What Photo Buyers Want: National Geographic's Senior Photo Editor, Elizabeth Krist…
Starting off your second full operating year in wedding photography nearly booked solid sounds about as unlikely as it does a dream for many aspiring photographers. Yet this is very much the reality for Cleveland wedding photographer Hunter Harrison. Consider too that he was not classically trained, aside from being a lifelong photography hobbyist. Then again, not many casual hobbyists build a proper dark room, including running water, at age 12. A few years ago, Hunter’s photography bug transformed into a full-fledged aspiration.
Starting off in an over-saturated market
When close friends insisted Hunter shoot their weddings, the pieces started to fall into place. Hunter became instantly ravenous for everything wedding industry. In his first year he shot a couple of weddings, and in his second year he shot 24. For the upcoming year, he booked enough weddings to leave his day job and become a fulltime photographer.
The northeast Ohio market is larger than one might think, with nearly 2.5 million people living in the Cleveland area. There are many ways to dive into a new market, but Hunter’s tech knowledge inspired him to take a unique approach. As he was starting to market himself, Hunter noticed that a significant number of people were searching Google for their specific suburbs – not greater Cleveland. Yet, most photographers in the market were aligning themselves with Cleveland. So he decided to keyword himself as a wedding photographer for his suburb of Lakewood and a neighboring one called Rocky River.
His hunch paid off. Many of his initial clients were looking for someone in the neighborhood, even if they weren’t planning on getting married there. In fact, many clients would end up having their weddings in Cleveland. Once Hunter started building his portfolio and blog, he would keyword the posts with Cleveland and has since risen up the Google search ranks as a Cleveland wedding photographer. In many ways, starting small helped him leap up faster to a bigger market.
Building a business on-brand
Since expanding to a larger market, Hunter has continued to maintain a neighborly approach to his business. He invites all clients to his home to review wedding proofs in person, to create a more familiar customer service experience. He also shares a Google calendar with colleagues in his market. If he has a fantastic bride but is already booked or she isn’t quite the right fit for his brand, he always tries to refer her to one of these colleagues. This fosters not only a spirit of cooperative competition, but a community among Cleveland photographers.
Another key turning point for Harrison’s business was paying for a re-brand. Through a recommended consultant, Harrison streamlined the look, the philosophy, even the name of his business. He had a specific target in mind of highly educated, independent adults with exciting personalities that an observer would call “an extraordinary couple.” With the help of his consultant, he was able to build a brand that spoke directly to his desired clients.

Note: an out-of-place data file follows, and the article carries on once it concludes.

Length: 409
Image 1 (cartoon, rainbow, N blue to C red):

From SEO to word of mouth
The secret to his success is creating an experience in which his clients walk away feeling as though they received a gift. From the client packet with a tag and a bow, to buying a wine-loving couple a bottle of Veuve Clicquot for their engagement shoot to an unusually generous complimentary archival presentation box of 4 x 6 proofs of every single wedding image as part of the base package – Harrison’s brand touches every aspect of his business.
Like many wedding photographers, the majority of Hunter’s business comes from personal referrals. The key to good word of mouth is of course a good impression. His advice to newcomers is not to fear mistakes, but recognize that they will happen. The best thing to do is embrace the mistake, address how to rectify it and then do that as quickly as possible. That is what actually makes good customer service great. And memorable.
- Consider seeking out potentially untapped markets and neighborhoods, instead of jumping right into the biggest one.
- Invest in your brand, because the upfront cost will likely pay off in the long run.
- Do not let mistakes get in the way of excellent customer service.
Hunter Harrison is just one of seven wedding photographers we profiled in our free guide, How To Grow A Wedding Photography Business. Get more insights from the pros, plus ways to get smart with your business – everything from marketing your services, to screening clients, to the wedding day itself – in this free guide. Download here.
Previous Post: Hey Photographers! Pinterest is Not for You